THE Arab League faced calls from its own parliament to withdraw observers from Syria yesterday amid claims that the bloc's increasingly chaotic monitoring mission was playing into the hands of President Bashar al-Assad.
The 88-member Arab parliament effectively declared that it had lost confidence in the much-vaunted mission, saying the observers' presence had encouraged the Assad regime in its campaign of violence against civilian protesters.
"For this to be happening in the presence of Arab monitors has roused the anger of Arab people and negates the purpose of sending a fact-finding mission," Ali al-Salem al-Debkas, the parliament's chairman, said.
"This is giving the Syrian regime an Arab cover for continuing its inhumane actions under the eyes and ears of the Arab League."
Mr Assad's reluctant acceptance of regional observers last month was hailed as a breakthrough to end nine months of violence that has seen more than 5,000 civilian deaths since Syria's uprising began in March last year.
The mission was charged with verifying the Syrian government's compliance with a regional peace plan designed to end the bloodshed, but from the outset it has been beset by controversy.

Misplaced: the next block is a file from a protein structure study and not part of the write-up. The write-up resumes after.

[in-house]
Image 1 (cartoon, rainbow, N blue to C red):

Much of the anger has been directed at Gen Mustafa al-Dabi, the chief observer, whose perceived sympathy for the regime has frustrated the Syrian opposition.
A Sudanese intelligence officer who has been linked to war crimes in Darfur, Gen Dabi, was at the centre of a fresh row yesterday after he contradicted one of his observers who said he had witnessed government snipers in action against protesters in the southern city of Deraa.
"We saw snipers in the town, we saw them with our own eyes," the unidentified observer was recorded as saying.
Bizarrely, Gen Dabi insisted his colleague was speaking hypothetically. "This man said that if he saw those snipers, he (would) report immediately," he said. (© Daily Telegraph, London)